The Burning of the Amazon Rainforest Is Directly Related to Patriarchy
President Bolsonaro and his government are worsening indigenous genocide with the rampant forest fires
Last week, several videos of the burning of the Amazon forest went viral on social media. The climate change anxiety was palpable as horrifying images of trees burning along a nondescript road were retweeted thousands of times, along with photos of the sky in São Paulo darkened by the smoke from the fire thousands of miles away. Zé Bajaga, chief of the Apurinã people in the south of the Amazon state, reports that 18 indigenous groups in the area are being affected by the fires. “It’s hard to breathe and walk around because of the smoke,” he said. “Many animals have died, and they [the fires] are destroying our land.”
While wildfires are reportedly normal this time of year because of the dry season, there is also a history of farmers starting fires deliberately in efforts to raise cattle illegally. Deforestation in the Amazon is directly linked to farmers, loggers, and land grabbers intimidating and murdering indigenous people to take their land. According to anthropologist Orlando Calheiros, there has been a push to break down indigenous rights in Brazil and a steady growth of illegal deforestation in the Amazon since the mid-2000s, as well as a trend of authorities ignoring warnings and calls for help from indigenous people as their territory is attacked.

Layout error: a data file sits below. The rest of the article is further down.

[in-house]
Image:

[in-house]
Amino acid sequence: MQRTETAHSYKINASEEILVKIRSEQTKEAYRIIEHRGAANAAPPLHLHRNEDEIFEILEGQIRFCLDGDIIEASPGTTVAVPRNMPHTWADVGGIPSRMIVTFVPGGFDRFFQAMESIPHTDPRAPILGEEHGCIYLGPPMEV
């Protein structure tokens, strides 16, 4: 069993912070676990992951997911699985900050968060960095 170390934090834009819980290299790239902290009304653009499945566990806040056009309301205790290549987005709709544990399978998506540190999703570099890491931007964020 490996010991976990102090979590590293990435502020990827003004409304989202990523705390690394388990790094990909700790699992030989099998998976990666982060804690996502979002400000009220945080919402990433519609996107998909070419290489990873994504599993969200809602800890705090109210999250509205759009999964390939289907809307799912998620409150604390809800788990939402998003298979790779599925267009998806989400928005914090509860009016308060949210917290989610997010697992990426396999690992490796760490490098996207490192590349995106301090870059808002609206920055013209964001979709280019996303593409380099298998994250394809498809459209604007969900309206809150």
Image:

We need to be clear about the context in which this is happening: This is the culmination of a history of colonialism and indigenous genocide that continues to happen through global white supremacists’ patriarchal capitalism. President Jair Bolsonaro is a powerful white man who is inciting eco-racism, deforestation, and indigenous genocide through his mercilessly capitalist and racist policies, and his willingness to sell off the Amazon benefits private multinational companies owned by other powerful men.
During Bolsonaro’s presidency, particularly in 2019, the Amazon rainforest has suffered the highest record of forest fires since 2013, with the Brazilian Institute of Space Research reporting a 278% increase in deforestation just in July.